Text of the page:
When my daughter started her first year at our local Italian primary school, I had no particular expectations. Admittedly, I thought it would be much like my time in a U.S. American kindergarten (first year at primary school in the States) 30 years earlier. I had Italian friends who had children in the same school and who were raised in the Italian school systems themselves, but it never occurred to me to have conversations with them about the differences between these two education systems. It took me many months, perhaps even an entire scholastic year, to start understanding how gravely I underestimated the leap from preschool to primary school here.

One example of this sticks out above all others. After the first couple months or so of school, every week my daughter would bring home a poem that the students had copied into their notebooks. I enjoyed reading them with her and trying to figure out vocabulary, but for months that was all we did with them. I don’t remember exactly what happened, but one day my daughter expressed to me her embarrassment that she was the only student in class who didn’t know the poem each week. Stunned, and with a growing nausea in my stomach, I came to the realization that she was supposed to be memorizing these poems every week to recite to the teacher. How I had missed that is beyond me, but I had failed my 6-year-old, and her confidence in school was already sinking.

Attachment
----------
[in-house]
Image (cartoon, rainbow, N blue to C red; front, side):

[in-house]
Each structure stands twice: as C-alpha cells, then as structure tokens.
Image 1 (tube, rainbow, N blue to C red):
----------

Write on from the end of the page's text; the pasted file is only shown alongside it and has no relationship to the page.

That night, the night before that week’s poem was due, she memorized all that she could manage. It was probably only about one-third of the entire poem, but we were both so excited, and she was thrilled to go to school and proudly announce to the teacher that she did, in fact, have something to show this time. I wish I could say that this was the end of our struggle with memorizing poems, but in reality, it was only the beginning. The amount of homework sent home every week was overwhelming for us, and we spent a gross amount of time completing worksheets and reading assignments where I needed to translate a lot into English to ensure my assistance wasn’t misguided. Memorizing even two lines of a poem per day was often too much to manage for both of us. Most weeks she memorized a significant portion of the poem (usually the night or two before it was due), and every now and then she’d make it through the entire thing. But it was stressful, and she grew to resent this task more than any other assignment.